Inspired by the Bolshevik Revolution that toppled the Tsarist Russian Empire in November 1917, and following the founding of the Communist Party of Canada (CPC) as an underground organization in May 1921, the CSSJ rapidly became an integral part of the nascent Communist movement in Canada. Reflecting this change, in 1922 the organization was renamed the Canadan Työläispuolueen Suomalainen Sosialistilärjestö (FS/WPC; Finnish Socialist Section of the Workers’ Party of Canada) – the Workers’ Party of Canada being the legal front organization of the CPC. In 1923, Finnish-Canadian Communists formed a separate cultural organization, the Canadan Suomalainen Järjestö (CSJ; Finnish Organization of Canada Inc.), to serve as a kind of ”holding company” ensuring that the organization’s considerable properties and assets would be safe from confiscation by the government or capture from rival left-wing groups. With the legalization of the CPC in 1924, the FS/WPC became the Canadan Kommunistipuolueen Suomalainen Järjestö (FS/CP; Finnish section of the Communist Party of Canada). Between 1922 and 1925, membership in the CSJ through its various transitions also doubled as membership in the Communist Party. This arrangement ended in 1925 when the FS/CP was disbanded following the ”bolshevization” directives of the Comintern. These directives demanded that separate ethnic organizations in North America be dissolved in favour of more disciplined and centralized party cells. It was hoped that this reorganization would help attract new members outside of the various Finnish, Ukrainian, and Jewish ethnic enclaves that had furnished the bulk of the CPC dues paying membership in Canada. From this point onwards, the CSJ officially functioned as a cultural organization but maintained a close, albeit sometimes strained, association with the CPC. The 1930s represent the peak of the CSJ size and influence, occuring during the Third Period and Popular Front eras of the international Communist movement. During this period CSJ union organizers assisted in the creation of the Lumber and Sawmill Workers Union – a unit of the United Brotherhood of Carpenters and Joiners of the American Federation of Labor, successor to the LWIUC – and the reemergence of the International Union of Mine, Mill and Smelter Workers in Sudbury and Kirkland Lake. CSJ activists also helped to recruit volunteers for the International Brigades that fought against nationalist and fascist forces in the Spanish Civil War (1936-1939). Finally, in the 1930s some 3,000 CSJ members or sympathizers embarked on the journey from Canada to the Soviet Union to help in the efforts to industrialize the Karelian Autonomous Soviet. Hundreds of Finns in Karelia would later perish in Stalin’s purges.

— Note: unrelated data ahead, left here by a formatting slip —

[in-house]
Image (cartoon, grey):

Despite the CSJ’s active support for the Canadian war effort, the organization was still deemed to be a threat to national security by the federal government and again outlawed in 1940. All FOC properties were seized and closed. The Suomalais Canadalaisten Demokraattien Liitto (SCDL; Finnish-Canadian Democratic League) served as the FOC’s main legal surrogate until the organization was legalized in 1943. The rapid decline of the FOC following this period is apparent from the fact that of the 75 locals in operation in 1936, only 36 remained active in 1950.